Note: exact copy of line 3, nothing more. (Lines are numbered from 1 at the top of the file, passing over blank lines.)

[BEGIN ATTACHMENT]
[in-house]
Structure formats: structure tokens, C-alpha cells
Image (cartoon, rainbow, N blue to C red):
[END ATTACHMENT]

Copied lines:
Image (cartoon, rainbow, N blue to C red):